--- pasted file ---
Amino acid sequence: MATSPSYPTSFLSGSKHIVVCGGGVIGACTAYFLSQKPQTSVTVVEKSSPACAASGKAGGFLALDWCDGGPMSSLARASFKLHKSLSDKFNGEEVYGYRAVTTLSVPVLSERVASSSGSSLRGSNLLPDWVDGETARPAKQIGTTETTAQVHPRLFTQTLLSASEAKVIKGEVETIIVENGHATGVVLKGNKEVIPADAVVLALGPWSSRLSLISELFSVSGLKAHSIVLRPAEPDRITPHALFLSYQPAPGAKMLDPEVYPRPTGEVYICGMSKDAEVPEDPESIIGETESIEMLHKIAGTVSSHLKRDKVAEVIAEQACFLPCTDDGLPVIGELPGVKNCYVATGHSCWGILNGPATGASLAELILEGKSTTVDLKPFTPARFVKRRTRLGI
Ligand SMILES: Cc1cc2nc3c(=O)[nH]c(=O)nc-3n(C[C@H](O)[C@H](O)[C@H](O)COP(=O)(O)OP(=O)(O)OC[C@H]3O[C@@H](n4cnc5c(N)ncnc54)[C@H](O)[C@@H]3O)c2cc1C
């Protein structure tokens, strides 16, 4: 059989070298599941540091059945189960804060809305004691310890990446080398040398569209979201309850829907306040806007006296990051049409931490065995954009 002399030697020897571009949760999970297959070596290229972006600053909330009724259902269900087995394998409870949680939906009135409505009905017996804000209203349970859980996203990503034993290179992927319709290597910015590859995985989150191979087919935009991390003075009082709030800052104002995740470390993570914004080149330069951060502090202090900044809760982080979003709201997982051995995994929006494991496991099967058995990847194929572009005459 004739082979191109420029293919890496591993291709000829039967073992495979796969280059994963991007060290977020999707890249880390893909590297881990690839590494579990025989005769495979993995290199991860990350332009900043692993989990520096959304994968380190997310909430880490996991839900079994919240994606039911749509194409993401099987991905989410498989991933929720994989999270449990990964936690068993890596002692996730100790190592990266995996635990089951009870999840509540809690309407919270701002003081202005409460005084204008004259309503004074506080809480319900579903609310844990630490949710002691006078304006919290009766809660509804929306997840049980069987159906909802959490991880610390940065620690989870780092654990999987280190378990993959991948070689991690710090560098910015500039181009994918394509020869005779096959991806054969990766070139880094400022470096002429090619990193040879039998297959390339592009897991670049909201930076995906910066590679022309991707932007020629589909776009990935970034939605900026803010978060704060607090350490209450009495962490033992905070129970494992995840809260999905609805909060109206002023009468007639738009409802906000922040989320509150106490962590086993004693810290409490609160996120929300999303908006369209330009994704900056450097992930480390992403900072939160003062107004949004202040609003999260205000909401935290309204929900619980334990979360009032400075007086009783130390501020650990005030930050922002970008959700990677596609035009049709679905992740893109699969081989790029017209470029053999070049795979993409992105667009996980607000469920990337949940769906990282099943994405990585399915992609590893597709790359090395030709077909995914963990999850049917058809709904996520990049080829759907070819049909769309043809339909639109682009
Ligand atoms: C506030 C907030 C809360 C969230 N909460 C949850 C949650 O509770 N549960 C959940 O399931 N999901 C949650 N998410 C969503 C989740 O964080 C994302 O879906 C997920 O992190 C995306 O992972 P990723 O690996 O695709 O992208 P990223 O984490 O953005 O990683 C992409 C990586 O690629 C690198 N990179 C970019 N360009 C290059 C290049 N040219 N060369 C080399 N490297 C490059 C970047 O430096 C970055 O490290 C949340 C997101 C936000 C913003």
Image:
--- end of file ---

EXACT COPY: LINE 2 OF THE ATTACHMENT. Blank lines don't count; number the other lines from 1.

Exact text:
Ligand SMILES: Cc1cc2nc3c(=O)[nH]c(=O)nc-3n(C[C@H](O)[C@H](O)[C@H](O)COP(=O)(O)OP(=O)(O)OC[C@H]3O[C@@H](n4cnc5c(N)ncnc54)[C@H](O)[C@@H]3O)c2cc1C